Welcome to senior year of Crazy Ex-Girlfriend! I hope Rachel Bloom & Co. are hard at work on a parody of “Time of Your Life,” because I’m already getting sniffly at the realization that this is the last season-premiere the show will ever have.
Having wrapped up season three with Rebecca’s courtroom confession and guilty plea, it seemed like we were primed for another time jump. But the premiere picks up right where the finale left off, with Rebecca in chambers insisting that she deserves jail time as penance, even as a now-forgiving Paula tries to convince her she’s lost her mind. Rebecca’s unique blend of stubbornness and entitlement ultimately wins out, annoying the judge into awarding her a test run in the L.A. County lockup.
Even as she endures degrading showers and cavity inspections and mean bunkmates, Rebecca’s mantra is “I deserve this.” As the audience, we’re supposed to find that silly, even though we live in a society that argues a lot of women who don’t look like Rebecca do deserve this. I get the desire to close out last season with a climactic speech, but I still don’t love that Bloom and Aline Brosh McKenna chose to emphasize the horrific American prison system as some kind of convenient atonement for Rebecca. But to their credit, they take pains in this episode to show that the situation is, well, a lot more nuanced than that.
That effort is centered on “What’s Your Story?,” a funny yet depressing riff on Chicago’s “Cell Block Tango” that makes no bones about the structural inequalities — abusive relationships, insufficient social-safety nets, racial bias in sentencing — that underlie doing time in the U.S. As Rebecca’s enthusiasm for all the lurid details on her fellow prisoners gently descends into a morose realization of her enormous privilege, the song becomes another addition to the show’s ever-growing list of meta-narratives, musing on the appropriateness of swiping someone else’s tragedies for your own art.
Yet despite having 18 episodes instead of 13 to play with this year, I still think CXG is trying to cram in too much plot per episode. (Rebecca allegedly spends six weeks behind bars — easily enough for a full episode — but she’s out by the last third of this one.) Sure, the dynamic of Rebecca’s prison theater group is basically just a recasting of her BPD support group with orange jumpsuits. But rushing through jail means failing to explore some interesting moments, especially Rebecca literally trying to rewrite her childhood by recasting herself as the star of the South Pacific number from the pilot.
That’s especially frustrating because the rest of the episode takes us back to a lot of places we’ve already been. Nathaniel is still sublimating his feelings into hardcore workouts — this time, getting beaten up and thrown into the woods by “Death Wish Adventures,” the world’s meanest Outward Bound course. George is still Nathaniel’s diehard toady, rescuing him with bratwurst and romantic counsel. And Josh is still circling the drain of figuring out what to do with his life, diagnosing himself as five kinds of mentally ill via BuzzFeed, er, “QuimblePop” quiz. He’s wrong, of course (he’s actually just not all that bright), but it does end up landing him in this show’s equivalent of Valhalla: facing that really nice-looking leather therapy chair used by the Drs. Akopian.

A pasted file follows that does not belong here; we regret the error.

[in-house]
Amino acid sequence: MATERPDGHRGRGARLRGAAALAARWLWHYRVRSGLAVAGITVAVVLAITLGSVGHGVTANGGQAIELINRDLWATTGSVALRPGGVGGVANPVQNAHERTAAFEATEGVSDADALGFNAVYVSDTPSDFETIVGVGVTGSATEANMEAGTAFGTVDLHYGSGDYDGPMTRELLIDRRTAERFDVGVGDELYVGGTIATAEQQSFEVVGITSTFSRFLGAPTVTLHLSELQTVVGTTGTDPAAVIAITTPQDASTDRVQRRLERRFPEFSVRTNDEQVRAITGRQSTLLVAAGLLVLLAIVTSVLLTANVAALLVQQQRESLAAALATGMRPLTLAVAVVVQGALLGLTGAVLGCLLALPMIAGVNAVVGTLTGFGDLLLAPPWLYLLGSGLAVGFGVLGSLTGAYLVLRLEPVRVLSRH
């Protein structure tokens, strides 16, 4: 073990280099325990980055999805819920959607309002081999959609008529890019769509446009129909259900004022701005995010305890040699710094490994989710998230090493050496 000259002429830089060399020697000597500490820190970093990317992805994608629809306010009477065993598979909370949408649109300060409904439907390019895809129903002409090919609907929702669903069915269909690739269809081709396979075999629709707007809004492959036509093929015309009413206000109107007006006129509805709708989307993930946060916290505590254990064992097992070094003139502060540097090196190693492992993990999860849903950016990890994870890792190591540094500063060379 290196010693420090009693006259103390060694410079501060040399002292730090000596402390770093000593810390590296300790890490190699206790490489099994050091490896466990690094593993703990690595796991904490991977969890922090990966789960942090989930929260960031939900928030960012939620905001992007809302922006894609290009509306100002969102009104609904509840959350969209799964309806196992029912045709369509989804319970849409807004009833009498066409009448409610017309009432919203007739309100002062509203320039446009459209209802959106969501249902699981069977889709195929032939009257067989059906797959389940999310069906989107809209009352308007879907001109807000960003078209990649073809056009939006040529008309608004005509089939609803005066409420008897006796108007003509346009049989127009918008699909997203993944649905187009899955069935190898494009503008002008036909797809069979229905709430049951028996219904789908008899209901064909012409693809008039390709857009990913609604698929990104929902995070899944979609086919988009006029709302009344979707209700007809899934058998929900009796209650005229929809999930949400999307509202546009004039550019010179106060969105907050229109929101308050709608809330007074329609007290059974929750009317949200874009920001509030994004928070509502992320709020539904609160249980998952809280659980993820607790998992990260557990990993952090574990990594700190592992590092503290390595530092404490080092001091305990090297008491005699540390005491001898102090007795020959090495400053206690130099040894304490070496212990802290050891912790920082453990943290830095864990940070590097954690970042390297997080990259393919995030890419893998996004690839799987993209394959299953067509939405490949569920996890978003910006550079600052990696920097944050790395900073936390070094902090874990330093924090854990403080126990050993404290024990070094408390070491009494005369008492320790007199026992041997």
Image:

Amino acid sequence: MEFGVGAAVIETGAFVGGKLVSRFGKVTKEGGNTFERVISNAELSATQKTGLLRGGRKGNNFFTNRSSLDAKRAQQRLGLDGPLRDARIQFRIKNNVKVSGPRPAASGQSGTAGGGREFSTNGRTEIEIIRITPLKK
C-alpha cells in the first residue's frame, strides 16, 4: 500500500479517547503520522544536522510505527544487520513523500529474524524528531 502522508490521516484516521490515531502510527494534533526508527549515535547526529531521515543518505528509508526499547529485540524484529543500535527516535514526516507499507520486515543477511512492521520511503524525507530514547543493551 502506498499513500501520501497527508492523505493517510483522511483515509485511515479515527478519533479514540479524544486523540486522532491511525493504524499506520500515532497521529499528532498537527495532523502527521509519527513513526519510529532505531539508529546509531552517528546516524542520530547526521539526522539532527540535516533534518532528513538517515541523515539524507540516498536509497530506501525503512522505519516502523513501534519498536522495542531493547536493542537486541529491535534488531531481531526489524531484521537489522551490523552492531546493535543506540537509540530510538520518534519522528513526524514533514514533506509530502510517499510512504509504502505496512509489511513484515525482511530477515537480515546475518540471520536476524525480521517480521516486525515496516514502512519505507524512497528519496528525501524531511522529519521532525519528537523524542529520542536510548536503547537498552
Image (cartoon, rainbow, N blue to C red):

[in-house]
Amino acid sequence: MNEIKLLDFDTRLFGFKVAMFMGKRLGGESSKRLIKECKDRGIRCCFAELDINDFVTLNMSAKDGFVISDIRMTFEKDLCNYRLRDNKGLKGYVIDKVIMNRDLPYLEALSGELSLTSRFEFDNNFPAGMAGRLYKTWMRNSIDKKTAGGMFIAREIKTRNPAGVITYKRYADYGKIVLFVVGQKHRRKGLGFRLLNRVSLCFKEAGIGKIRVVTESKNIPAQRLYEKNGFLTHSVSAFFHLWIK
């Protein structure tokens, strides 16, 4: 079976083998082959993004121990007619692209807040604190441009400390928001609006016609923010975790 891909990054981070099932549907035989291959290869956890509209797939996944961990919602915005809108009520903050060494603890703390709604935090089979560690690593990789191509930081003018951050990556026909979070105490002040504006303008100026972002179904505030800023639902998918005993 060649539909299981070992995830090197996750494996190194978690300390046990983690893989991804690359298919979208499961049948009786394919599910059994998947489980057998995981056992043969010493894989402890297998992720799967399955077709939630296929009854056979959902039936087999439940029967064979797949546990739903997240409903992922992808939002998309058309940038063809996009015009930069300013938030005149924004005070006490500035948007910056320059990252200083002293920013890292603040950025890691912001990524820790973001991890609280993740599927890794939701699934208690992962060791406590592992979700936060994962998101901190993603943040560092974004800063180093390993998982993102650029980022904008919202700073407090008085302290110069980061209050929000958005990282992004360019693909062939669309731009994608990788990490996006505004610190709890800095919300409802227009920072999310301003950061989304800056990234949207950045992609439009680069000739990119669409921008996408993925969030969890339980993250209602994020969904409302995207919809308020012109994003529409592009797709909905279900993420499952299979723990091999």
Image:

Most frustratingly, the episode once again yanks us back into the on-off Rebecca-Nathaniel dynamic that pervaded season three. I’d have bought Nathaniel being put off by Rebecca’s willingness to sacrifice their relationship to go to jail, but he confesses that he still loves her, and vice versa.
Instead, the sticking point is that Rebecca doesn’t want to get away from it all with him in Hawaii, but rather stay in West Covina and deal with her privilege and problems. It’s the exact same beat we already saw last year with Rebecca putting off Nathaniel until her BPD got under control. I know we have to set up the love triangle again with the impending arrival of New Greg, but this is too much.
The episode’s other tune, the chorus-nerd ballad “No One Else Is Singing My Song,” does acknowledge that the dynamic is feeling a little staid at this point — by the end, every major cast member (even Grocery Clerk with Half an Eyelid!) is confessing to feeling uniquely stuck in the exact same way. This season presents the interesting challenge of depicting what real growth looks like for the West Covina crew, without falling on the tired narratives the previous three have torn to shreds. It’ll be interesting to see where that takes us, even if we might be headed there a little too quickly at times.
• Speaking of old habits, it looks like Mama Paula is back to her manipulative ways, basically torturing a confession out of Trent to free Rebecca. Though as a fellow graduate of, um, “college in Boston,” I can say that we’ve never been roasted more thoroughly and deservingly.
• With that said, I remain enough of an unrepentant snob to agree with Rebecca that Cats is bad. It has no plot!
• Pete Gardner is always so great, but that little bit in which he tries to give the fake ceviche to Rebecca was next-level funny.
• Also, is Darryl’s baby still named Habecca? I really hope not.
• I need to know why Hector is such a Charlotte, because Heather is definitely not a Carrie. (She’s a total Samantha, right?) Either way, I never tire of the meta-jokes: “This is such a messed-up episode … of Sex and the City.”